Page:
What to expect at a Provencal Market?
The experience of exploring a Provencal market is worth the visit to Provence alone (in our humble opinion)! So be sure to take your time and wander through the stalls in the warm Provencal sun. Listen to the chatter of the locals, see the bright colours of the organic fruit and veg and breathe in the smell of fresh bouquets of lavender.
For those looking to purchase something, we recommend fueling your ride at least one day of your trip by buying some rustic bread, artisan fig jams, and goats cheese for a picnic lunch. However, if you are on your onward travel day, why not purchase a gift for a loved one back home? How about some locally crafted jewellery? An item of provencal-inspired clothing? Or perhaps unearth a piece of artwork from the next Vincent Van Gogh?
Why Book your Provence Cycling Holiday with Macs Adventure?
We have been operating cycling holidays in Provence since 2014, and our range has grown from just one tour to a handful. Our flagship tour is Pedalling in Provence: The Luberon Valley, proving to be the most popular choice with our customers. It mixes easy-to-moderate routes along the quiet lavender-scented lanes with picturesque hilltop villages and beautiful rolling Provençal landscapes.
We offer a flexible, tailor-made Provence experience staying in charming B&Bs, guesthouses & hotels – we have a range of accommodation options to meet everyone’s needs! We carry your bags to lighten your load so you can concentrate on enjoying all that sun-drenched Provence has to offer. You can book with confidence that we have it all covered for you.
We want to showcase our expertise by giving you all the resources you will ever need. You can read our customer reviews for each itinerary, and our Destination Specialists have their own experiences of walking in Provence and are waiting to answer your questions. On the route, we use high-quality digital mapping to make sure you find your way, as well as a host of tips, facts and recommendations to enrich your time in Provence.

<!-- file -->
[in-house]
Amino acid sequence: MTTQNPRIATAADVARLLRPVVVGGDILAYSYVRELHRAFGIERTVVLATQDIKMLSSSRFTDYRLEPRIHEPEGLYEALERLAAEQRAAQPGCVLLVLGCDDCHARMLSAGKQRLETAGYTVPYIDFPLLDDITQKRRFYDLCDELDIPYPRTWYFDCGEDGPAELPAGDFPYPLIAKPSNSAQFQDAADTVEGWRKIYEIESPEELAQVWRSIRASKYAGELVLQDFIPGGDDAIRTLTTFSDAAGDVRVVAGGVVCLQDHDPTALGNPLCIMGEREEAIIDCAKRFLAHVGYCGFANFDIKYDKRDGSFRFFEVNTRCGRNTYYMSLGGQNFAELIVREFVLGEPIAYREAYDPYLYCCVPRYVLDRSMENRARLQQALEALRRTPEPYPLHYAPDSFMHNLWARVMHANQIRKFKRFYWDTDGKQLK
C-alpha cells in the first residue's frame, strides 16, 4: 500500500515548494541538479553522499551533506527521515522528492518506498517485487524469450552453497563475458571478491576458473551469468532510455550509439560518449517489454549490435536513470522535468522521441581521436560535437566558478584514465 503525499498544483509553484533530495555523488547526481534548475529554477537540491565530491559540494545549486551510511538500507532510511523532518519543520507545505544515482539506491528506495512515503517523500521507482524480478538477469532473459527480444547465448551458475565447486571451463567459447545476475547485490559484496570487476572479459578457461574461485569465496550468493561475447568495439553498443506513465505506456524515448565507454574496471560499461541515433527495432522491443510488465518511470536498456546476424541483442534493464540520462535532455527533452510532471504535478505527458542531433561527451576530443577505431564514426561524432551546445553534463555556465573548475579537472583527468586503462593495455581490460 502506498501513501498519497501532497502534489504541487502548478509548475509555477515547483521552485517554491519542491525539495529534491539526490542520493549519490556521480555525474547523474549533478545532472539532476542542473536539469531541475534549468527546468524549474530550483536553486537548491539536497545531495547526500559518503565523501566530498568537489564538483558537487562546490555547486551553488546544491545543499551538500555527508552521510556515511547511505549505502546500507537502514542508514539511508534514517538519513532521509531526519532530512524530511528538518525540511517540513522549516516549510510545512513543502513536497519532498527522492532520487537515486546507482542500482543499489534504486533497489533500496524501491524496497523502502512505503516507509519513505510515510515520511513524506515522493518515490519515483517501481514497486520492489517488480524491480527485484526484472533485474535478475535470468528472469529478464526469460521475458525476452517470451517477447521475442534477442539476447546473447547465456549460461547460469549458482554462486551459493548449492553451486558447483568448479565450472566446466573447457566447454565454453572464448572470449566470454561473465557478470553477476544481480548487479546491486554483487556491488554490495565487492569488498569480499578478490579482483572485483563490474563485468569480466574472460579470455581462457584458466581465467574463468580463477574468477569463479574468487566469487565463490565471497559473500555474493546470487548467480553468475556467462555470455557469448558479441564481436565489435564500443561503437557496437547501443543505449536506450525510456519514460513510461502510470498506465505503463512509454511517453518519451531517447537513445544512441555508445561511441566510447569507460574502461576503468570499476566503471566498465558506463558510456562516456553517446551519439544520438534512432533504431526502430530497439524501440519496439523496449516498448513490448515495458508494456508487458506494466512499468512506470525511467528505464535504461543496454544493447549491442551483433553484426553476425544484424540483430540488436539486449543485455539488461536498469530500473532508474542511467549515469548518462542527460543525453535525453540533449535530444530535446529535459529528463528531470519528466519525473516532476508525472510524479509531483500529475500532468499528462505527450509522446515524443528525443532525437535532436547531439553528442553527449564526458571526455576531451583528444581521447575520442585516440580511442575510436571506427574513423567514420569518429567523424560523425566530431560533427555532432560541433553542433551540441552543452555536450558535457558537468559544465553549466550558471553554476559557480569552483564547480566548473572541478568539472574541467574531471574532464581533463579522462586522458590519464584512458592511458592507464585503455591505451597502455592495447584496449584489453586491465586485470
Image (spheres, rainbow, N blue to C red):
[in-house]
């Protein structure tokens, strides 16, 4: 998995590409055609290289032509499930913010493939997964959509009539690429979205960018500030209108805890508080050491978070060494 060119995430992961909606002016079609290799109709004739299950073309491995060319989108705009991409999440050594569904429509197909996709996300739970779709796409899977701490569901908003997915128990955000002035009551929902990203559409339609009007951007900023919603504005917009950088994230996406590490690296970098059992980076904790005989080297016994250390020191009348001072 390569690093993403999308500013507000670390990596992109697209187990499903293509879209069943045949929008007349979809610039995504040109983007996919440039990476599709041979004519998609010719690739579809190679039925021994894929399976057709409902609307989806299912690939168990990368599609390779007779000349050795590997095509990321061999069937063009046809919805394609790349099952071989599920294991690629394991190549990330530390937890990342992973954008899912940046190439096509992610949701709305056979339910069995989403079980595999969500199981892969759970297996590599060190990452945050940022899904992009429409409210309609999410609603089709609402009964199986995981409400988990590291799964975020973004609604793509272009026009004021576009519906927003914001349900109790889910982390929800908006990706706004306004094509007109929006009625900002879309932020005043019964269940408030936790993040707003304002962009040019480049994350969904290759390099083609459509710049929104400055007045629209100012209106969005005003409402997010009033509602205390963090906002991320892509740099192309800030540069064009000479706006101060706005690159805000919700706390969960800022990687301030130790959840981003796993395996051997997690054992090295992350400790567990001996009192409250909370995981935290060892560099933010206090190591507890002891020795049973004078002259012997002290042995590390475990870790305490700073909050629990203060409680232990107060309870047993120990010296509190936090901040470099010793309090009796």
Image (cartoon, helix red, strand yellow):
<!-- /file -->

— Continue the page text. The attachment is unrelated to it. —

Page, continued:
Weather in Provence
Provence benefits from a staggering 300 days of sunshine a year and less than 60 rainy days, making it an ideal destination for outdoor pursuits. The most pleasant months for hiking are May, June, September and October when the days are warm but not stifling. Provence also experiences the famous Mistral wind which can be very powerful. The wind generates in the Alps and gains speed as it blows down the Rhone Valley towards Provence. It tends to occur in Spring and Winter but can indeed appear at any time and can last a day, or over a week! The Mistral is said to clear the Provence skies of dust and dirt and could be to thank for the region’s popularity with artists, who are drawn to Provence because of its light and clear skies.
Often referred to as the ‘Giant of Provence’, Mont Ventoux is perhaps most famous as a tricky stage of the famous Tour de France. It is therefore a very popular challenge with cyclists. It is geographically part of the Alps, however it stands alone, adding to its intrigue. As the name may suggest, (Venteux is French for windy), it can get very windy at the summit which adds to the challenge for cyclists taking on this gruelling ascent. At a staggering 1,909m in height, the mountain can be seen from many vantage points in Provence, and you’ll find the peak follows you all day on some hikes through the surrounding countryside
Artists in Provence
There are many reasons why artists of the 19th and 20th centuries were so drawn to Provence, among them the fantastic light and the beautiful landscapes. Cezanne is perhaps one of the most famous artists associated with Provence. He was born in Aix-en-Provence and after having spent time in Paris and Switzerland, soon returned to his roots to paint the landscapes of Provence. His presence attracted Picasso to Provence who was said to admire Cezanne greatly. Another famous artist strongly associated with Provence is of course, Van Gogh. He based himself in Arles and St. Remy for 15 months where he created 350 works, some of them his most famous, such as Starry Night. He admitted himself to Saint Paul Asylum in St Remy after removing part of his ear. Here he continued to paint the gardens and surrounding Provencal landscapes. His presence in Arles and St Remy can still be felt today with numerous plaques indicating his favourite haunts, a museum, and guided tours of Van Gogh’s Provence.